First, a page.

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Nissan IDx Freeflow: Tokyo Star Makes Economy Cars Fun Again

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While the tendency to assume things were always better in the old days is often misguided, there's still a lot to be said for nostalgia.

Everyone loves an old movie, and who doesn't listen to some classic rock now and then? Nostalgia has also given us some great retro reinventions of classic cars--including this, the Nissan IDx Freeflow.

Unveiled at the Tokyo Motor Show, Nissan consulted an unusual source to perfect the IDx Freeflow: young people.

Those young people are the ones currently accused of abandoning cars for social media and smartphones, but for many the problem is much simpler: they just can't afford to buy new cars.

And when they can, the choice of interesting new metal is pretty slim. What teen wants to be seen in a poverty-spec Nissan Versa or Hyundai Accent? And why must buying something inexpensive and economical limit you to something mind-bendingly tedious to drive?

It's these questions that the IDx Freeflow seems to have been designed to answer.

Though the IDx is only a concept, its engine choices seem thoroughly sensible: 1.2 and 1.5-liter gasoline units, paired with a continuously-variable transmission. That implies healthy economy and low running costs but better still, small engines mean a sensible price tag.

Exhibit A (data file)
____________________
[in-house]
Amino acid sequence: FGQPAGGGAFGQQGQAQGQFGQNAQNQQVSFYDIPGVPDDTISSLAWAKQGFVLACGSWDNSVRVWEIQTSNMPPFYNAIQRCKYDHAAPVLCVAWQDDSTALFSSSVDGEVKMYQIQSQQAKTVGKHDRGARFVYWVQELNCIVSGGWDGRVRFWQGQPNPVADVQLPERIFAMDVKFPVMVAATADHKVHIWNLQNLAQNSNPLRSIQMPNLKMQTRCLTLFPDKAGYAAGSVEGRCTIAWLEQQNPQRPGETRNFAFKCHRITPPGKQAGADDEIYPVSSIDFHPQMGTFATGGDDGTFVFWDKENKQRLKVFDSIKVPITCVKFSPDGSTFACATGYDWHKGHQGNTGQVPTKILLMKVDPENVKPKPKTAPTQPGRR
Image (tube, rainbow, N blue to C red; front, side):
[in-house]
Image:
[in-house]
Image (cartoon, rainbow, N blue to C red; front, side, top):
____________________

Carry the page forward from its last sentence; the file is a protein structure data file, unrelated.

It's also compact--over a foot shorter and eight inches lower than a Versa sedan, but equally wide for a sportier, stockier stance.

Outside it takes several design cues from classic Nissans and Datsuns of the past--including, but not limited to the old Datsun 510 coupe and old 'Hakosuka' Nissan Skyline GT-Rs. Readers with a keen eye for classic cars might spot an unintentional hint of first-generation Toyota Celica, too.

Inside Nissan has given the Freeflow a simple dashboard facia and a lounge-like ambiance, making best use of materials such as faded denim and brushed metals. Like the exterior, it's full of classic inspiration updated with modern technology--and far better than the amorphous gray slab you find in most economy vehicles.

Nissan needs to make the IDx. It has all the makings of a great new small car.

It just needs the right price--make it affordable, and watch those Millennials ditch their smartphones for a new generation of cool, fun and efficient cars.

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